Jason Rohrer makes games about big ideas and universal themes. But also, Jason Rohrer makes games entirely about the hyper-specifics of being Jason Rohrer.
The characters in his games are him and his family, as they are and/or as he imagines them. He tackles a theme as massive as a whole human lifespan, from birth to death by depicting a straight white man who kind of looks like him, and who (optionally) gets married to a woman who kind of looks like his actual wife, and who lives to a ripe old age—by no means a reflection of everybody’s life, but a pithy summation of what he, Jason Rohrer, expects from his own.
Or, he depicts the difficulties of balancing creative ambition with family life with a scenario that includes a pixel art rendering of his actual daughter, Mez.
He doesn’t claim to speak for everyone. Instead, he tries to reach something authentic—and counter-intuitively, accessible—by speaking only for himself.
The Castle Doctrine is still fundamentally a game about being Jason Rohrer, or about what it’s like inside Jason Rohrer’s head—but it goes to a darker part of Rohrer’s psyche than we’ve seen before. It’s a game about paranoia, insecurity, helplessness, and fantasies of violence. But of course, it’s more specific than that: it’s about Jason Rohrer’s paranoias, insecurities, and fantasies of violence.
The rules are simple. Every player starts with a house, a family, and $2,000. The player is always a man, and the family always consists of a wife, a son, and a daughter. The house is always the same size, and it always contains a vault, which always contains half the money. The wife always holds the other half, assuming that she’s alive. Money can only be spent on (1) tools for robing other people’s houses, and/or (2) materials with which to build a security system to keep one’s own house from being robbed.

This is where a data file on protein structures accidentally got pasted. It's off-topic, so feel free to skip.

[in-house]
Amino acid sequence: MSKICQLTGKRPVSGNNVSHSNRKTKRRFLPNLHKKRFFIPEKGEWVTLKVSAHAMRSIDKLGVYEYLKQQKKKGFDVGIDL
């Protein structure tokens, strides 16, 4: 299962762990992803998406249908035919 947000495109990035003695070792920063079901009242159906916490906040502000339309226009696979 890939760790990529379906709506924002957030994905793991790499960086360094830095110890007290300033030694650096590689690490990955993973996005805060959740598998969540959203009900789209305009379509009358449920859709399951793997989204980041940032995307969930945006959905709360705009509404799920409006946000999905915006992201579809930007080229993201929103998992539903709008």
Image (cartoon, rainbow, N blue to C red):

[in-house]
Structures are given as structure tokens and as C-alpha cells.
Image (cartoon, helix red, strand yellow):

Now, from these basic facts alone, it’s easy to assume that The Castle Doctrine belongs to the space of heteronormative power fantasies: a lunkheaded admixture of the legal principle after which the game is named and sheer dadification. Cameron Kunzelman wrote this thing about why he refuses to play it, and it’s easy to see why he’s grossed out by the premise, and by Rohrer’s exceedingly candid interviews. In principle I’m not that interested in anyone’s opinion of a game they haven’t played, a book they haven’t read, or a film that haven’t seen—but in this case, I do get it.
And yes, there are some very weird aspects to everyone in this world being Jason Rohrer. Chiefly, everyone is therefore white, and no honest depiction of 90s-style crime paranoia can reasonably exclude race as a factor. Fear of home invasions is all wrapped up in in fear of the Other, fear of invading barbarians, fear of neighbors you don’t understand. Making everyone the same (complete with randomized, predominately Anglo-sounding names) simplifies the dynamic immeasurably.